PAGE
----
I introduced aspects of memory and imagination into historical reconstructions, concatenating time and space into a continuously unfolding miniature diorama.
My sons were replicated in miniature, fishing along the verdant banks of the Schuylkill River, waiting for me to board their rubber raft. Elsewhere, my girlfriend, Dawn, stood by tracks near a heart-shaped tree, while a miniature me made a roadside repair on a little copper-colored Mustang.
In the center, I built a golden shrine to my dead friend Keith, adding mementos of our time together — photos, notes, correspondence, and works of art. I had written about him and his work for a decade. I placed these stories — from newspapers, magazines, gallery brochures — in a mirrored casket-shaped box. I added his obituary — which I had written for our hometown paper and an international journal of art. I enclosed evidence of the ongoing collaborative project we had begun with high hopes in the early eighties — I had not touched the unfinished manuscript since the day of his death.
I fashioned a day-glow altar, drew a glow-in-the-dark pentagram around its perimeter. I placed, near the altar, a small white hand-lettered sign bearing the words, “The Avatar of Art”. Before closing the mirrored sarcophagus and placing it on the altar, I included the last words I would, could, write about him:
He was the Avatar of Art. he believed the heiroglyphic images he created were supernatural — – encoded transmissions from conscious cosmic entities or Entity — entering him, and through his work, the mind of man was refashioned. He was a religious fanatic, describing himself in an earlier time as a “Jesus freak”. Feeling he was born too late to be a hippie, his admiration for the psychedelic edge of Pop culture impelled him to re-create it. At 21, he declared his hero-worship of John Lennon. He considered the moment of Lennon’s death as the most significant in his life.
The evolution of his personal philosophy began in the late 1970s, through the turn of the next decade when he drifted away from the world of professional art and hit the street with the young graffiti artists, or “tag writers”, whose work and world he unabashedly romanticised, heroised, adored.
The erotic magnetism of these Black, Hispanic, Oriental young men made him risk his life in obvious, subtle, invisible ways: avoiding barbed fences, guard dogs, and the electric third rail to “tag” subway cars in a street-as-studio world of spray-cans, chalk, and marker art; going everywhere mindless of a hint of the fear that a skinny white kid would doubtless experience in the dangerous city; sharing sex and drugs with the fallen angels who would die so young from overdose and AIDS.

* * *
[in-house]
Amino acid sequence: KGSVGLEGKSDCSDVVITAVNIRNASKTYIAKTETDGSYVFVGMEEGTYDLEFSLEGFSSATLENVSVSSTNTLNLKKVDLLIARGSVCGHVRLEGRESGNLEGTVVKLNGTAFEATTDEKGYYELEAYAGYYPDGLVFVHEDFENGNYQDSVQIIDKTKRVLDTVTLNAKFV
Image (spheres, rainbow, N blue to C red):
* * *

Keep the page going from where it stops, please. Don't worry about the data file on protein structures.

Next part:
He loved their courage. He saw their youth, ethnicity, raw nerve, wild intellect, and sheer talent creating a coursing network of vast and beautiful public painting — the city infused with brilliance, intelligence, even magical incantation. His favorite, “SAMO”, tagged his messages citywide. He imagined him god-like or perhaps actually God.
Keith’s exegesis of “SAMO” was a complex cosmological interpretation of the precise locations and exact encryptions of the messages, and their place in cosmology.
Keith Haring chalked his first image on a subway wall and knew his life would undergo rapid, self-directed, sub/or/super-consciously willed change. And that this change would be in history, as history, as he was in this moment — innocent and perfect.
He did not claim to know the source of the pyramidal, saucer-shaped and humanoid pictographs he was compelled to compose, but he sensed from the start their metaphysical significance.
He was a singular genius, uncanny not simply in his execution, but in his grasp and visual elucidation of complex, totally contemporary ideas, philosophies, world-views, and in his assimilation of them into his personal creative vision. Increasingly as the eighties progressed, he believed he pictorialized perfect supernatural truth.
He had to work hard though, putting it into words. He was often confounded by the meaning of his evolving imagery. He needed dialog with others in order to comprehend his own messages. He cultivated global multi-media relationships with writers, artists, thinkers. He was, as well, a collaborative presence in the work of his friends. Consciousness and creativity were, to him, connective, communicative, manifold, and paradoxically both isolate and relational.
He was never still and his beliefs were not static. He lived the truth. He died knowing the secret of life. He knew life is short, nothing is real, existence is a dream, living is dying, desire is suffering, fame and fortune are meaningless, religion, politics, and economics are mind-control, conventional thought is mental slavery, and the so-called “real world” is an illusion. He knew in the end nothing matters, yet he knew also love, peace, freedom, the human heart, the mind of the child, and the evolution of consciousness toward conscience, matter more than the history of art.
I know these things and I knew him. In the days before his last day, we renewed our pledge to carry on our collaboration. I gave him my copy of the “Book of the Dead”. Then he died.
I remember writing these words with the pen Dawn smuggled to me in the suicide ward of the Reading Hospital. Things like pens — things which could draw blood, or things which could be used for hanging oneself — belts, clothing, or most anything at all — were off-limits on the ” ‘cide ward”.